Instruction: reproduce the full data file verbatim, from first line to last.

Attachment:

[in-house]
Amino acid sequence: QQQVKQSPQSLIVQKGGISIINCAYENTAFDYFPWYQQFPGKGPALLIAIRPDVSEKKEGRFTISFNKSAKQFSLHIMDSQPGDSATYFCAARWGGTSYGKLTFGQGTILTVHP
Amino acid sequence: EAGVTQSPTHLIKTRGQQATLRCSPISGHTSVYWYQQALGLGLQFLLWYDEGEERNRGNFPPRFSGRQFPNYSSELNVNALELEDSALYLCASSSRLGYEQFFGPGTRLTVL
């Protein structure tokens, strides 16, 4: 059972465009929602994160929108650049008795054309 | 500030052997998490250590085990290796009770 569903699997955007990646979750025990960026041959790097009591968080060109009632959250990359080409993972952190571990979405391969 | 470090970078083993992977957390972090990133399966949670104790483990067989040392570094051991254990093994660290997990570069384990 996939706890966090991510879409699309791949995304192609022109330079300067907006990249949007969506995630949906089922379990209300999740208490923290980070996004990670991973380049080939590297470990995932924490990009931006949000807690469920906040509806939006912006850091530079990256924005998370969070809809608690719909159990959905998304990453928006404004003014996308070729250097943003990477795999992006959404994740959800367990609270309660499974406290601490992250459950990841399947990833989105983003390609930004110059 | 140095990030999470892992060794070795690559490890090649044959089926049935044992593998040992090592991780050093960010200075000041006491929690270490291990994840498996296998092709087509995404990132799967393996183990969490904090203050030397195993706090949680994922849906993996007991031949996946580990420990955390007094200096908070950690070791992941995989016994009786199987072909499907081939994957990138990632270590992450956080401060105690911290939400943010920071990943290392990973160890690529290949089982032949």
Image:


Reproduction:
[in-house]
Amino acid sequence: QQQVKQSPQSLIVQKGGISIINCAYENTAFDYFPWYQQFPGKGPALLIAIRPDVSEKKEGRFTISFNKSAKQFSLHIMDSQPGDSATYFCAARWGGTSYGKLTFGQGTILTVHP
Amino acid sequence: EAGVTQSPTHLIKTRGQQATLRCSPISGHTSVYWYQQALGLGLQFLLWYDEGEERNRGNFPPRFSGRQFPNYSSELNVNALELEDSALYLCASSSRLGYEQFFGPGTRLTVL
């Protein structure tokens, strides 16, 4: 059972465009929602994160929108650049008795054309 | 500030052997998490250590085990290796009770 569903699997955007990646979750025990960026041959790097009591968080060109009632959250990359080409993972952190571990979405391969 | 470090970078083993992977957390972090990133399966949670104790483990067989040392570094051991254990093994660290997990570069384990 996939706890966090991510879409699309791949995304192609022109330079300067907006990249949007969506995630949906089922379990209300999740208490923290980070996004990670991973380049080939590297470990995932924490990009931006949000807690469920906040509806939006912006850091530079990256924005998370969070809809608690719909159990959905998304990453928006404004003014996308070729250097943003990477795999992006959404994740959800367990609270309660499974406290601490992250459950990841399947990833989105983003390609930004110059 | 140095990030999470892992060794070795690559490890090649044959089926049935044992593998040992090592991780050093960010200075000041006491929690270490291990994840498996296998092709087509995404990132799967393996183990969490904090203050030397195993706090949680994922849906993996007991031949996946580990420990955390007094200096908070950690070791992941995989016994009786199987072909499907081939994957990138990632270590992450956080401060105690911290939400943010920071990943290392990973160890690529290949089982032949």
Image: